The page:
- Mixed alternative chartering (regulatory authority apportioned between federal and state regulators depending on subject);
- Federal chartering and regulation for life and health insurers only;
- Federal chartering and regulation for property/casualty companies only.
But although many aspects of the business may have changed, the basics have not. Insurers develop products and services based on customer need, and set prices for those products based on sound actuarial guidelines. In large part, these are local, not global, decisions.
The one overwhelming danger of a federal regulatory system is the nationalization of the US insurance market. Under the current system, one “bad apple” state regulator cannot do significant damage to the nationwide insurance market the way a single bad federal regulator could. Currently, the 50 state insurance departments serve as regulatory laboratories, testing the impact of regulation on consumers in each state. Good regulation can often be exported. Poor regulation, on the other hand, can be contained before doing widespread damage to consumers or the competitive market.
Federal regulation may make insurance the stepchild of the trio of insurance, banking and financial services. And because insurers have more consumer-related issues, such as rates, underwriting restrictions and market conduct, federal involvement could be particularly harmful to personal lines and small commercial insurers.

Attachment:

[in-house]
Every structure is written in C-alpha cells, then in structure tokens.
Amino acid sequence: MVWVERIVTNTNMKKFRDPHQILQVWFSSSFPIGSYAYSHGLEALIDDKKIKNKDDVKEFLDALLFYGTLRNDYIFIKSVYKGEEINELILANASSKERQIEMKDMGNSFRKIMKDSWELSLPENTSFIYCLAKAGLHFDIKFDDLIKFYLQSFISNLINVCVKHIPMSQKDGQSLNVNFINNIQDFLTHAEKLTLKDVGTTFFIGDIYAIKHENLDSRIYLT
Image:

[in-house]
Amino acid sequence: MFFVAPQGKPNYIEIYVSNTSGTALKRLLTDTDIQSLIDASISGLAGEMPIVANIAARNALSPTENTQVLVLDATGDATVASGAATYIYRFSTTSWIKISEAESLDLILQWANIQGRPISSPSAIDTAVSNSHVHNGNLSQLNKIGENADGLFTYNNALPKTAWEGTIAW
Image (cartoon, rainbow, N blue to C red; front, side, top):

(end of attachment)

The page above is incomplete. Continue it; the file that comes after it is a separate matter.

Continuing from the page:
Even the proposed hybrid regulatory systems mentioned above could actually give the insurance industry the worst of all worlds, with regulation on three levels (state, federal and NAIC) instead of one.
So, in many ways, we're right back where we started from last year. A great regulatory unknown looms ahead, one that will change the face of the industry. NAII stands ready to work with others in the insurance industry and in the banking and securities industries to be the architect for a regulatory framework that best serves consumers and companies alike.
Jack Ramirez is president of the National Association of Independent Insurers.